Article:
Dogs and elephants respond to classical music, but cats, well, they’re different. They don’t like your tunes. They prefer species specific music, according to one composer who has produced an album of music for cats. Humans can listen too for free online and watch cats respond at musicforcats.com.
The genius behind this innovative concept is David Teie, a soloist with the National Symphony Orchestra. According to Teie’s Website, Music for Cats was born out of his “scientific theory on the fundamental nature of music appreciation by mammals.” He contends that “every species has an intuitive biological response to sounds present in their early development.” And that “felines establish their sense of music through the sounds heard after they’re born: birds chirping, suckling for milk, or their mother’s purr.”
With this in mind, Teie composed Music for Cats, incorporating feline-centric sounds with natural vocalizations, all matched to a cat’s frequency range. In a recent interview, Teie told TODAY that “most cats usually show interest at first and then are calmed by the music.”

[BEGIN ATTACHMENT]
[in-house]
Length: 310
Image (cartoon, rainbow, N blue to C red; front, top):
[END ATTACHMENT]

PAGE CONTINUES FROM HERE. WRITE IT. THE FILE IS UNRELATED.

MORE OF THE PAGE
According to Teie, an independent study conducted by researchers at the University of Wisconsin and published in Applied Animal Behavior Science verified that Music for Cats resonates with its audience. The study concluded that “cats showed a significant preference for and interest in species-appropriate music.”
“This really began as a test of a theory of mine concerning how music affects the emotions (of animals),” Teie told TODAY. His album features delightful music that TODAY described as “songs with whirring rhythms and quirky cadences — all designed to appeal to the unique senses of the animal.”